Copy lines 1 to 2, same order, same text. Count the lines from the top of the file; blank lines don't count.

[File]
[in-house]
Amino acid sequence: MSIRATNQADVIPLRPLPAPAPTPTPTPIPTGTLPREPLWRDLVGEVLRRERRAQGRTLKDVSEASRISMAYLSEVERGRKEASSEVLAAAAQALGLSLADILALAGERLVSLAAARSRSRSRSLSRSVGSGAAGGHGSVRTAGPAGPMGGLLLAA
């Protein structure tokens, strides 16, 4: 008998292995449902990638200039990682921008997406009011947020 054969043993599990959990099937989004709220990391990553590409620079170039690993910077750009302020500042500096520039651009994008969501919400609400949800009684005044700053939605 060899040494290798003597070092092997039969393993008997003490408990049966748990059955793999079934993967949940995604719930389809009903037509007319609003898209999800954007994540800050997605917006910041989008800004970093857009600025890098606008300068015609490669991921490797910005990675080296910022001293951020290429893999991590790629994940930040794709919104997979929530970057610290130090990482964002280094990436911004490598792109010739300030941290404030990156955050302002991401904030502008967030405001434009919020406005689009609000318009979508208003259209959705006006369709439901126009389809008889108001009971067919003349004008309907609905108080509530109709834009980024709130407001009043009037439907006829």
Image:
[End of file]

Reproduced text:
[in-house]
Amino acid sequence: MSIRATNQADVIPLRPLPAPAPTPTPTPIPTGTLPREPLWRDLVGEVLRRERRAQGRTLKDVSEASRISMAYLSEVERGRKEASSEVLAAAAQALGLSLADILALAGERLVSLAAARSRSRSRSLSRSVGSGAAGGHGSVRTAGPAGPMGGLLLAA